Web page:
If you want the full breakdown of Idaho’s audacious plan to unravel Obamacare within its borders, check out the piece we published this morning. The gist is that the state will permit health insurance plans that do not comply with some of the ACA’s core insurance protections.
For now, the Trump administration isn’t showing its cards, even though policy experts say the Health and Human Services Department already has enough grounds to intervene and tell Blue Cross of Idaho, the first insurer to take up Idaho on its offer, to cease and desist.
“I just don’t believe in premature opinions on complex topics,” HHS Secretary Alex Azar told reporters yesterday. “At the right time, I’m sure we would have views.”
Idaho’s brashness and the Trump administration’s ambivalence are setting up maybe the most interesting health care legal quandary since King v. Burwell, the Supreme Court case that alleged Obamacare’s premium subsidies weren’t allowed in states that had marketplaces run by the federal government. (In fact, an attorney following the Idaho situation sent me a King v. Burwell brief as reading material.)
Because unless the Trump administration decides to intervene, the next stop for Idaho and Blue Cross is probably the courts.
So I want to set aside the policy for today and look at the law. On its face, Idaho’s plan seems patently illegal. But somebody actually made the case to me today — and I think it’s worth taking seriously — that it’s not. We’ll get back to that in a minute.
I ran through University of Michigan professor Nicholas Bagley’s thoughts in the piece linked above, but let me summarize them again in brief. His overall take was: “I think counting on the courts is a big mistake.”
Here’s why, per Bagley:
- Idaho is not technically doing anything illegal by permitting non-Obamacare insurance. “The federal government can’t commandeer state regulators to enforce federal law.”
- Blue Cross of Idaho, which is bound by the ACA’s rules, would be violating federal law. But its likely calculus? “Its claim cannot be what we’re doing is legal. The claim is we don’t think we’re gonna get caught.”
- The Trump administration has pretty broad discretion about which federal laws it wants to enforce. It’s like marijuana legalization under the Obama administration: The feds can decide certain violations are not worth spending resources to stop. “The basic structure of the problem is identical.”
- For all sorts of legal reasons about tort and breach of contract, too wonky even for this newsletter, it could be hard to find a plaintiff who has standing to sue over Idaho’s plan. Without a plaintiff, you won’t be able to get a hearing in court to try to stop Idaho’s plan. “It’s not a trivial problem to find standing.”
- Even if you can get to court, federal judges are usually deferential to federal agencies on the decisions they make about how best to spend their resources. It’s marijuana legalization again. “They won’t second-guess that determination. If [HHS] just doesn’t act, a federal lawsuit to challenge will not get off the ground.”
For all those reasons, litigation to stop Idaho from allowing non-Obamacare plans has some substantial hurdles to clear.
But there is actually an argument that Idaho and the Trump administration (not only by allowing Idaho’s plan to go forward, but in its proposal to expand short-term insurance) are acting within the law to allow these non-ACA plans onto the market.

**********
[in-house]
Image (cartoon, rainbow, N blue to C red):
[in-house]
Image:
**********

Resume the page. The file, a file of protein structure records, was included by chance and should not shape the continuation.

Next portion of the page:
I’m not a lawyer, of course. But when an attorney tracking the Idaho situation (who asked to remain nameless) laid out their case to me this afternoon, I found it thought-provoking. If it held up, it would certainly open the door to a more expansive view of what is actually permissible under the ACA.
This was the argument, as I understood it:
- The courts have already taken a position in previous cases, including King v. Burwell, that Obamacare should be interpreted as a whole, based on its policy goals, rather than strictly on individual portions of its text. “The Supreme Court has indicated in King v. Burwell that the ACA is one of perhaps a unique set of statutes where the law should be interpreted and portions should be construed in the context of various public policy considerations.”
- The repeal of the individual mandate in the tax bill last year might force us to reexamine those policy considerations. With the mandate, the ACA could be interpreted first and foremost as the transfer of wealth from younger and healthy people to older and sicker people. Without it, its primary policy goals could be defined as expanding insurance coverage and reducing uncompensated care.
- Through that lens, with the mandate gone, expanding non-ACA plans might actually be interpreted as furthering the goals of the law. For young people who find ACA coverage unaffordable: “Do you want them to drop out of the insurance pool completely, or do you want to keep them insured even if they are being insured with a product that has an annual limit?”
- There is already language in the ACA allowing temporary insurance plans that don’t comply with its core insurance regulations. So maybe, based on the above factors, the law can be interpreted more broadly to allow the kind of proposals that Idaho and the Trump administration are pursuing.
”There are people who might say we can just interpret this language about temporary insurance coverage so that it meets what our current goals are,” the attorney said. “Keeping a larger number of people insured is one of the principal policy goals that we are going to use as a star to steer by.”
Like I said, I’m no statutory expert. But I found this argument rather compelling — and it’s worth keeping in mind as Idaho’s proposal and the Trump administration’s plans continue to move forward.
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